Hopefully you have been enjoying this creative writing series which is aimed to help you consider different elements of memory and how best to shape them into a suitable story to enter into the IGGY and Litro Writing Competiton. So far we have explored Facial Recognition, Hallucinations, False Memories, Drugs as a means to enhance memory, and Childhood TV Memories.
In this episode, Author, Jenn Ashworth provides some hints and tips on how to create a piece of successful writing.
There aren’t any rules for producing good writing – though some people will try and convince you that there are. Instead, there are some qualities that teachers and readers have discovered effective, engaging pieces of writing seem to have in common. There are techniques that writers, through experience, have learned can be helpful when it comes to generating ideas, editing, and fixing problems in your work. There are old, tired out clichés of form and subject matter that we can either attempt to freshen up, or avoid. With all that in mind consider the following tips as tools, not rules. As things that might help, that might be useful to try, that might inspire you to do something new. As invitations rather than commandments.
1. Start as near to the end as possible. Readers very rarely need to know as much about your characters’ backstory as you do.
2. Who changes? That person is probably your point of view character, or at least, the character who the reader is going to be most interested in. If no-one changes, are you sure you have a story? ‘Change’ can mean all kinds of things.
3. If what your character looks like doesn’t directly affect the change that takes place in the story, then it really doesn’t matter that much. Let your reader have some room to fill in these details for herself.
4. Read it aloud. LOADS of times. Record yourself and listen to it. Read it again. Aloud. Again. Again. Prose writers forget about sound and rhythm and they shouldn’t. Don’t inflict an ugly sounding sentence on your reader unless you mean to.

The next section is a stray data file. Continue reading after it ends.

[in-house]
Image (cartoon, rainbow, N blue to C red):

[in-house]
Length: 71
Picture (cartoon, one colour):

5. When writing dialogue remember two things – people never come out and say what they mean and people lie to each other all the time.
6. When editing your opening, consider your ending. Does the opening invite the reader to ask questions or be curious about the events and themes that the ending addresses?
7. Don’t write about what you know. Pick something that makes you curious and find out about it.
8. Write about what you know. The minutiae of every ordinary life, including yours, is worth examining.
9. Seek feedback on your work. Ask specific questions about what works and what doesn’t. If your reader misses the point, it might be that they haven’t read carefully enough, or the story isn’t giving them enough to go on. Try and work out which it is.
10. Read everything. Every day. Read genres you think you don’t like and writers you have never heard of. Read writers who are much much better than you are and try to work out why. Read writers who you don’t get, but who others admire and try to work out why. Read writers whose work makes you scared, angry, offended, frightened, disgusted, excited, exhilarated. Try to work out why. Take notes. Read poems. Re-read.
Jenn Ashworth's first novel, 'A Kind of Intimacy', was published in 2009 and won a Betty Trask Award. On the publication of her second novel, 'Cold Light', she was featured on the BBC’s Culture Show as one of the UK’s twelve best new writers. Jenn has also published short fiction and won an award for her blog, 'Every Day I Lie a Little'.